Salalah: At a time when there is an effort to adjust with the ‘new normal’ amid the opening of offices and businesses, education is one sector where no one wants to take chance due to the volume of young people involved in it. It requires lots of planning to implement the pandemic code for an actual class to begin. Remote learning thus is the ‘new normal’ for the sector for the time being.
Communication experts are weighing the pros and cons of this ‘new normal’ while finding a way to adjust and let the process of learning settle at a pace that suits both – the receiver and the provider.
Dr Samskrati Gulvady, an expert in mass communication, calls the situation ‘a paradox of conveniences and challenges’ and cites Canadian philosopher Marshal McLuhan, who says, “The new media are not bridges between man and nature – they are nature… The new media are not ways of relating us to the old world, they are the real world and they reshape what remains of the old world at will.” McLuhan, according to her, must have foreseen the world when he said these words in the late 1960s.
The current scenario has redefined many things by bringing a wide range of opportunities and challenges. These experiments are widely seen in educational institutions.
In an interview with the Observer, she said, “The concept of ‘distance learning’ has now become ‘remote learning’ where a student engages in learning within the comforts of the house without the need to travel long distances. But they are missing the campus relationships because online classrooms are seen to be more formal than the actual ones.”
Academicians who are used to traditional classroom teaching involving face to face communication can deliver content based on the response and interaction of the students in the class. In a virtual classroom, there is a reduction in social and contextual cues and tangible feedback.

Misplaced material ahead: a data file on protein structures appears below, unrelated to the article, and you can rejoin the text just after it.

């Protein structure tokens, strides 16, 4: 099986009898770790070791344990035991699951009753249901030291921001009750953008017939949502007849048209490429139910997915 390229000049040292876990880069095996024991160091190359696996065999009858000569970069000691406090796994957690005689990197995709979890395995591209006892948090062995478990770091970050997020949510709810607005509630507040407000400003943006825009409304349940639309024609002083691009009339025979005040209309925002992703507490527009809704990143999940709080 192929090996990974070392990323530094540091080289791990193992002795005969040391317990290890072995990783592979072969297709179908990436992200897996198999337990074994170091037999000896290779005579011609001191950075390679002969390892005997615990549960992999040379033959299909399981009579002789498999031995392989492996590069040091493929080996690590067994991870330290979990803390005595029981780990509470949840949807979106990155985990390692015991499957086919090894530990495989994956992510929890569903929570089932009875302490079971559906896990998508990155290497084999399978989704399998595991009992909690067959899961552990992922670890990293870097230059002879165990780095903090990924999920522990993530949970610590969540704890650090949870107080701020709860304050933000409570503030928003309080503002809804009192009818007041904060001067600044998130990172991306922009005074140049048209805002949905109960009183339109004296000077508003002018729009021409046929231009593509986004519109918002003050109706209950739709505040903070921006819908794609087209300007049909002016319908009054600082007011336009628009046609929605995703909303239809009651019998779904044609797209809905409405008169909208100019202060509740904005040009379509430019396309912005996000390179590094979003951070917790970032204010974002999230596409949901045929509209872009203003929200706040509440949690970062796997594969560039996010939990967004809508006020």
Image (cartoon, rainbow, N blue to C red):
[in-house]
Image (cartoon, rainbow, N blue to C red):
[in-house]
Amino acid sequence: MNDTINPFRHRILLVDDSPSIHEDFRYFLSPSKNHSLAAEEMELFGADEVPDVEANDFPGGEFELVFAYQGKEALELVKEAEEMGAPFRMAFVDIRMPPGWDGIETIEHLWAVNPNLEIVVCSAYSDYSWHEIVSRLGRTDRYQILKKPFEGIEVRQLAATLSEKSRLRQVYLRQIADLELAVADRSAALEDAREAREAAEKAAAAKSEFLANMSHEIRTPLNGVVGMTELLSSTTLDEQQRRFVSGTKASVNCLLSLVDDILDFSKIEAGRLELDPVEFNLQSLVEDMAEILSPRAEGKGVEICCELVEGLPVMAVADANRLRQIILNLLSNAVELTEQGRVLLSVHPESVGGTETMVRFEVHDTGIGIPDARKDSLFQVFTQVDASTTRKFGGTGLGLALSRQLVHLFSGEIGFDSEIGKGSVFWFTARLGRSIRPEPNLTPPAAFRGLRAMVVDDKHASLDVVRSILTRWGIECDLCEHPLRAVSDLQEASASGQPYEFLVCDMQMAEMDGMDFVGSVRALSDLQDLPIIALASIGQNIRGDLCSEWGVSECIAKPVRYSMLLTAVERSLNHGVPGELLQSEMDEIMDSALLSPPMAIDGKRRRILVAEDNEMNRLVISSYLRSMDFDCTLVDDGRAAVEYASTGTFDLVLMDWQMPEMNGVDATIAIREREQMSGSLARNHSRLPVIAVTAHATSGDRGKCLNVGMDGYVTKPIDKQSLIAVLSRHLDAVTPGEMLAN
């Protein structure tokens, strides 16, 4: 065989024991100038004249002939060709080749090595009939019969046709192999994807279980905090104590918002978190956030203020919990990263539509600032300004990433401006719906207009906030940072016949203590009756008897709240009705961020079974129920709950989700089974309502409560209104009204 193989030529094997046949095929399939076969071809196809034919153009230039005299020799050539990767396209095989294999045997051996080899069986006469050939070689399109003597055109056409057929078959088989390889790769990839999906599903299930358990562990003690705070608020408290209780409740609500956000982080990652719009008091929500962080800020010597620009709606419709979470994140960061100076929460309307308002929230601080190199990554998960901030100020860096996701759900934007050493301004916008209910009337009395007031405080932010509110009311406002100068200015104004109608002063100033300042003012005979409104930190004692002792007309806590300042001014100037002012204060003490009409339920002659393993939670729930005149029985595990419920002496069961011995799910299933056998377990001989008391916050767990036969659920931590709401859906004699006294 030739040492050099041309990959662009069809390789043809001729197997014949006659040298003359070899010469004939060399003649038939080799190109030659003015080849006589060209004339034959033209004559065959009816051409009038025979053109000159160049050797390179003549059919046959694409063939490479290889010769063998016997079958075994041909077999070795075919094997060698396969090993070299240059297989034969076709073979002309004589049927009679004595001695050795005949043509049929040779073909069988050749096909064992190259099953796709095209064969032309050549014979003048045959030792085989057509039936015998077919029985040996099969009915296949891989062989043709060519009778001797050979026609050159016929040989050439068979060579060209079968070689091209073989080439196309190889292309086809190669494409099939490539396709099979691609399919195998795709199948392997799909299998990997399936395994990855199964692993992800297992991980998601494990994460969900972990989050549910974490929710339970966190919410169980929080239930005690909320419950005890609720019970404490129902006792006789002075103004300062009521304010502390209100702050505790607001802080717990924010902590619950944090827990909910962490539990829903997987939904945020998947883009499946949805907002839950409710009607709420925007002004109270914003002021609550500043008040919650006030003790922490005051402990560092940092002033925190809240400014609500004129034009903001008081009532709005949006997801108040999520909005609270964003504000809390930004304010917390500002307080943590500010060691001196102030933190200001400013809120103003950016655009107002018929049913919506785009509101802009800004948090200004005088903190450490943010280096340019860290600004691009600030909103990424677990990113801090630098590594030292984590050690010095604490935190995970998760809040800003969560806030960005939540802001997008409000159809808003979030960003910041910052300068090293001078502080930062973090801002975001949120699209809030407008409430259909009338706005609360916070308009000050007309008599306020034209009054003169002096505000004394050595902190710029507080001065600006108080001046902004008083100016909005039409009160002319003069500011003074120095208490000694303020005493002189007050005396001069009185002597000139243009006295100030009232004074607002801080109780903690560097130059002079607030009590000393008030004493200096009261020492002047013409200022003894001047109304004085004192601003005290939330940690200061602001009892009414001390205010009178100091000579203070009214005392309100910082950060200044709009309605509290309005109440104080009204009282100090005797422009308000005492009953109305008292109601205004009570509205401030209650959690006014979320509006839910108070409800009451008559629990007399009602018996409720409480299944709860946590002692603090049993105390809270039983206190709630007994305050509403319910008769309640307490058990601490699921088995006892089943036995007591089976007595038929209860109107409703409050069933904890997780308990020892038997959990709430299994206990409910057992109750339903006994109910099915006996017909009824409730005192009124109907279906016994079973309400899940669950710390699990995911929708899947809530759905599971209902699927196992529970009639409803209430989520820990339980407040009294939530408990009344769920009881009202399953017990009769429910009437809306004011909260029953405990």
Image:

Important aspects of non-verbal communication like the tone of voice, facial expression, gestures, postures, and other body language components help enhance our actions and interactions.
There is an option of using ‘emojis’ in certain electronic platforms to respond nonverbally, but it cannot match the responses of a traditional classroom. In comparison to face to face learning, online learning brings forth significant deficiencies like lack of human connect, absence of opportunities of collaborative learning, teacher supervision, she says.
She calls for evolving methods for hands-on learning in specialised courses if this ‘new normal’ is here to stay for long.
Education, according to DrGulvady, definitely has unparalleled opportunities to monitor and improve its practices. “We as academicians have new ways to communicate with our students. We monitor and intervene in student learning to increase the effectiveness of both teaching and learning. Similarly, students have new ways to find, retrieve, and share their learning products and opportunities. However, all these advantages and opportunities come with cost-reduced privacy, security, and surveillance,” she said.